As Cavour worked on uniting northern Italy, he also lent support to nationalists rebelling in southern Italy. Leading the rebellion was Giuseppe Garibaldi, who headed a small army of Italian nationalists called the Red Shirts. From Sicily, the Red Shirts marched north, uniting the southern Italian kingdoms. Cavour got Garibaldi to agree to unite the southern areas with the kingdom Piedmont-Sardinia built, forming the kingdom of Italy in 1861, ruled by King Victor Emmanuel II.
The Kingdom of Italy was not complete yet. It allied with Prussia in the Austro-Prussian War in 1866 (which the Italians call the Third War of Italian Independence), annexing the northern province of Venetia. Then, in 1870, the French, who were being defeated in the Franco-Prussian War, were forced to remove their troops from the Papal States, protecting the area of central Italy controlled by the Pope. This allowed the Kingdom of Italy to incorporate the area, unifying the rest of the Italians in the new Italian nation-state.
The Unification of Germany
In 1815, what would become Germany was 39 separate kingdoms. They sometimes worked together in the Germany Confederation, which had been created by the Congress of Vienna. The Confederation was dominated by the Austrian Empire dominated this organization, through Prussia competed for influence. Prussia was the largest and most powerful of these kingdoms and, just as elsewhere in Europe, German nationalism began to spread in the mid-1800’s.
In 1861, Wilhelm I became the king of Prussia. He appointed Junker Otto von Bismarck as his prime minister. Bismark was a shrewd and powerful politician. Bismark was a very aggressive man and his nature was central to way in which he did his job. He practiced tough, power-politics with no room for idealism—an idea called “realpolitik.” He did away with the Prussian parliament so he could do things his way. He claimed that the “issues of the day will be decided… by blood and iron,” by which he meant though military might and even war. And the issue of the day was the expansion of Prussian power, ultimately resulting in the unification of Germany.
Bismark recognized that wars caused a rise in nationalism. He used wars to strategically increase German nationalism and eliminate Prussia’s rivals for power. The first of these wars was in 1864, when Bismarck led an alliance with the Austria Empire in a war against Denmark (called the Second Schleswig War). The quick victory caused a spike in German nationalism.
Bismark and Prussia’s wartime ally, the Austrian Empire, found themselves at odds over how to administer the territory they had won from Denmark. In 1866, this erupted into the Seven Week’s War (sometimes called the Austro-Prussian War). The cause of the war was a rouse. Bismarck—realizing the Austria stood in the way of German unification—tricked the Austrians into declaring war on Prussia (because it always looks better to the rest of the world if you are forced to fight a war to defend yourself versus starting a war). Bismark knew this was his opportunity to remove Austrian influence from the German Confederation.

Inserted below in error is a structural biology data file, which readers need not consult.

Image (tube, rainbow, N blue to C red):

Despite most people’s expectations, the upstart Prussians easily won the Seven Week’s War due to their superior military—better in both training and equipment. The Prussians annexed the German kingdoms that fought with Austria and the resulting peace disbanded the Austrian-dominated German Confederation, replacing it with the North German Confederation, dominated by Prussia and fully excluded Austria.
In 1867, Bismarck again used a war to increase German nationalism and complete German unification. Bismark tricked the French into declaring war of Prussia in 1870, starting the Franco-Prussian War. The remaining, independent German kingdoms allied with Prussia against the French. The Prussians again achieved a quick victory due it their superior military. At the war’s conclusion in 1871, Germany had been unified, creating the German Reich, or Empire. It’s ruler was Kaiser Wilhelm I (the title being a derivative of Caesar, like the czar in Russia). Bismark was appointed Chancellor.
The Results of 19th Century Nationalism
The 1815 Congress of Vienna created a balance of power that kept peace. The wars of the mid-1800’s upset this balance. Britain and Germany were now clearly the most powerful countries, militarily and economically. France was a tier below them, never fully recovering after Napoleon’s defeat. Under France, Austria and Russia were lagging far behind as they tried to keep their difficult empires under control.
With the Congress of Vienna’s balance now completely ruined, Europe was put on a path that would eventually lead to a major conflict engulfing the whole continent.
Before: Industrial Revolution
After: Age of Imperialism